Stewart (and the many talented people who worked with him) transformed the Daily Show into a cultural and political force, a refuge to hide from the pundits and the talking heads more interested in defining the point of view rather then reporting the story. You could see powerful politicians, the biggest movie stars of the day, Nobel Prize winning humanitarians and bestselling authors all in the same week. President Barrack Obama was one of Stewart’s final guests, and in all he made six appearances on the Daily Show (five as President). Stewart made the Commander in Chief squirm more then once with tough questions and the fact that Obama returned to Stewart’s guest chair knowing that it wasn’t necessarily friendly territory spoke volumes about the respect the powerful had for Stewart.

When Stewart inherited the anchor chair from original host Craig Kilborn in 1999, the show flirted with three hundred thousand viewers; his final appearance attracted 3.5 million sets of eyeballs in the United States alone (and that wasn’t even his highest rated episode). When the Daily Show began successfully migrating to international markets, it helped build Comedy Central and it isn’t a stretch to say that without Stewart, the world might not know the comedic genius of Stephen Colbert or Amy Schumer or Key and Peel. During his final show, the reunion of sixteen years worth of correspondents and contributors was a parade of comedic stars, all of whom crediting The Daily Show for launching their careers. It’s little wonder that Comedy Central reportedly offered Stewart an annual salary of fifty million dollars to stay as host, much more then any of the mainstream news anchors he mocked and parodied.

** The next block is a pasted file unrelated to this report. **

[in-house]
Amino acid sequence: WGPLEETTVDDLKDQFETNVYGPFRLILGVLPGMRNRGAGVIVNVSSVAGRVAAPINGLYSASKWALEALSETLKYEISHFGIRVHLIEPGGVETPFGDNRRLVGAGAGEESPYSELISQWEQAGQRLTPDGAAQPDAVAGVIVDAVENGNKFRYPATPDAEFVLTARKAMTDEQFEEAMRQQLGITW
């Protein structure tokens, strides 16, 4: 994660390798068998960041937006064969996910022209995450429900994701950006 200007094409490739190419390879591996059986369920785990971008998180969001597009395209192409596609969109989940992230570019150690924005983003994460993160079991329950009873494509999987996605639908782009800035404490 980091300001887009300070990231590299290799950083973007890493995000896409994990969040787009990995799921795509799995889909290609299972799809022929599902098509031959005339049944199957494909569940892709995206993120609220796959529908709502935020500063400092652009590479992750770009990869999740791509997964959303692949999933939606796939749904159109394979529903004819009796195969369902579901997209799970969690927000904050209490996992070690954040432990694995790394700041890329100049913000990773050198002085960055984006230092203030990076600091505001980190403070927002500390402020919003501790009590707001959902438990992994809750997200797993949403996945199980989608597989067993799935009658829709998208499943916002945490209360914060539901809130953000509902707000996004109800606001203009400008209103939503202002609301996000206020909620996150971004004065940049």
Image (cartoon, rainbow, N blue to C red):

Stewart quite often found himself in the crosshairs of mainstream media, high-ranking politicians and corporate tycoons, yet he never shied away from the attention, usually using hilarious but logical rebuttals to put the offender to further shame (and despite crucifying Fox News over the years, he always contended that CNN was the worst player in cable news). His opening monologue for the Daily Show’s first episode following the 9/11 terrorist attacks on New York is considered one of his best moments and his recent commentary following the Charleston shootings and America’s institionalized racism and rampant gun culture, a raw and unfiltered emotional dialogue with his audience, was perhaps the most poignant and honest moment of television I have seen in recent memory.

His absence has left a profound void on television, and quite simply, Stewart is irreplaceable. I think I can safely speak for most of my generation when I say that I have never missed a television personality so deeply.

But that is all in the past. I’ll be tuning in to watch the first episode of The Daily Show with Trevor Noah tonight, as a new era dawns for a show that redefined satire in an increasingly polarized political and cultural world. While there will be growing pains and bumps in the road, I have confidence that the man Stewart chose to carry the torch will succeed. Noah can’t replace Stewart-no one can-but from what I’ve seen of the newcomer he’s smart enough not to try and will instead focus on finding and forging his own voice. He deserves a chance to be heard fellow Daily Show fans, and I’m sure our patience will be rewarded in the long run (he wouldn’t have been chosen otherwise).

It’s what Jon would want, and we all owe him that much for the sixteen years of laughter he gave us. Consider it Jon’s final moment of Zen.

Shayne Kempton